Something VERY few people ever stop to consider is how their carry ammo performs in low light. Most people have never shot their carry ammo at night and have no idea what sort of issues it can cause for them. I talked earlier about the “flashbulb” effect that too bright of a light can cause and why that happens. The same concern exists with the muzzle flash from various types of ammunition.
Believe it or not muzzle flash can end up flashbulbing you and in some extreme cases everyone else within a 10 yard radius, rendering you temporarily blind.
For a long time US military ammo had a flash retardant in the powder mix, but recently that practice was discontinued in the name of cutting expense.
Muzzle flash falls into four basic categories:
This is the most desirable type of muzzle flash because the rods in our eyes don’t respond to light in the red wavelengths… meaning that a red muzzle flash won’t damage your night vision at all.
This is not as good as red because it can actually affect your night vision somewhat, but it’s still quite manageable most of the time.
This is where you start to get into flashbulb territory. Yellow muzzle flash is bright and typically interferes significantly with your night vision.
Most of the FMJ practice ammo on the market that I’ve tried has a yellow muzzle flash. A number of duty/defensive ammo choices also have a yellow muzzle flash.
This is the worst. A white muzzle flash gives you the full flashbulb effect and temporarily blinds you. It takes at least half a second if not longer for you to recover any useful vision.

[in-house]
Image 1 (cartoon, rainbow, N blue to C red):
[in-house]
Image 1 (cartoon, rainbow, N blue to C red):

When you are in a dynamic situation it’s really bad to have yourself blinded for a second or more. It can also make it almost impossible to pick up your tritium sights for several seconds after you are flashbulbed.
While muzzle flash is not the most important factor in selecting ammunition for your carry/duty weapons, it is nevertheless an aspect of ammunition performance that needs to be weighed in as part of the decision.
For handguns, the Winchester “Ranger” line of ammunition includes a flash retardant that gives it a very mild red muzzle flash from most weapons.
Speer’s Gold Dot ammo tends to give a reddish-orange muzzle flash that isn’t bad at all from most full sized guns. It’s a bit more objectionable from compact guns.
If I remember correctly Federal’s HST is a bit worse than Gold Dot.
The absolute worst muzzle flash that I’ve seen from ANY ammo, carbine or pistol is Remington’s 230 grain .45 ACP Golden Saber JHP load. That produces a hideous white muzzle flash that flashbulbs everyone within a 15 yard radius. It’s insane… and it just happens to be the FBI choice for their 1911s.
This demonstrates that just because agency X uses load Y it doesn’t make it ideally suited for your needs or for all situations. In fact, it might be a pretty stupid choice for your needs.
Now for handguns there aren’t many things you can do to tone down muzzle flash beyond using a full sized handgun and selecting ammo that doesn’t have too much muzzle flash. Generally ammo selection is going to be the most powerful control you have over muzzle flash in your handgun.
Carbines are a much different animal. There are a number of muzzle devices out there that are aimed at dealing with muzzle flash. The standard A2 birdcage hider works pretty well as do some other devices.
Some muzzle devices don’t work as well. Actual muzzle brakes do NOT limit flash, so don’t be confused. Muzzle brakes actually cause the flash to be worse.